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From the favorable reception given to my Abridgement of Roman History published some time since, several friends and others, whose business leads them to consult the wants of the public, have been induced to suppose that an English history, written on the same plan, would be acceptable. It was their opinion that we still wanted a work of this kind, where the narrative, though very concise, is not totally without interest, and the facts, though crowded, are yet distinctly seen. The business of abridging the works of others has hitherto fallen to the lot of very dull men; and the art of blotting, which an eminent critic calls the most difficult of all others, has been usually practised by those who found themselves unable to write. Hence our Abridgements are generally more tedious than the works from which they pretend to relieve us; and they have effectually embarrassed that road which they labored to shorten. As the present compiler starts with such humble competitors, it will scarcely be thought vanity in him if he boasts himself their superior. Of the many abridgements of our own history hitherto published, none seems possessed of any share of meritor reputation; some have been written in dialogue, or merely in the stiffness of an index, and some to answer the Purposes of a party. A very small share of taste, therefore, was sufficient to keep the compiler from the defects of the one, and a very small share of philosophy, from the misrepresentations of the other,
It is not easy, however, to satisfy the different expectations of mankind in a work of this kind, calculated for every apprehension, and on which all are consequently capable of forming some judgment. Some may say that it is too long to pass under the denomination of an abridgement; and others, that it is toodry to be admitted as an history; it may be objected that reflection is almost entirely banished to make room for facts, and yet that many facts are wholly omitted, which might be necessary to be known. It must be confessed that all those objections are partly true; for it is impossible in the same work at once to attain contrary advantages. The compiler, who is stinted in room, must often sacrifice interest to brevity; and on the other hand, while he endeavors to amuse, must frequently transgress the limits to which his plan should confine him. Thus all such as desire only amusement may be disgusted with his brevity, and such as seek for information may object to his displacing facts for empty description.
To attain the greatest number of advantages with the fewest inconveniences, is all that can be attained in an abridgement, the name of which implies imperfection. It will be sufficient, therefore, to satisfy the writer’s wishes, if the present work be found a plain, unaffected narrative of facts, with just ornament enough to keep attention awake, and with reflection barely sufficient to set the reader upon thinking. Very moderate abilities were equal to such an undertaking, and it is hoped the performance will satisfy such as take up books to be informed or amused, without much considering who the writer is, or envying any success he may have had in a former compilation.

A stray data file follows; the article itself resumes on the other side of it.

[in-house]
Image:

As the present publication is designed for the bene: fit of those who intend to lay a foundation for future study, or desire to refresh their memories upon the
uld, or who think a moderate share of history sufficient for the purposes of life, recourse has been had only to those authors which are best known, and those facts only have been selected which are allowed on all hands to be true. Were an epitome of history the field for displaying erudition, the author could shew that he has read many books which others have neglected, and that he also could advance many anecdotes which are at present very little known. But it must be remembered, that all these minute recoveries could be inserted only to the exclusion of more material facts, which it would be unpardonable to omit. He foregoes, therefore, the petty ambition of being thought a reader of forgotten books; his aim being not to add to our present stock of history, but to contract it. The books which have been used in this abridgement are chiefly Rapin, Carte, Smollet, and Hume. They have each their peculiar admirers, in proportion as the reader is studious of historical antiquities, fond of mihute anecdote, a warm partisan, or a deliberate reasoner. Of these I have particularly taken Hume for my guide, as far as he goes; and it is but justice to say, that wherever I was obliged to abridge his work, I did it with reluctance, as Iscarcly cut out a single line that did not contain a beauty. But though I must warmly subscribe to the learning, elegance, and depth of Mr. Hume's history, yet I cannot, entirely, acquiesce in his principles. With regard to religion, he seems desirous of playing a double part, of appearing to some readers as if he revetenced, and to others as if he ridiculed it. He seems sensible of the political necessity of religion in every state; but at the same time he would every where insinuate that it owes its authority to no higher an origin. Thus he weakens its influence, while he contends for its utility, and vainly hopes, that while free-thinkers